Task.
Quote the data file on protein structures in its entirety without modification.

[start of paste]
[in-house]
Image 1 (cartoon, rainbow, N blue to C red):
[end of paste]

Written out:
[in-house]
Image 1 (cartoon, rainbow, N blue to C red):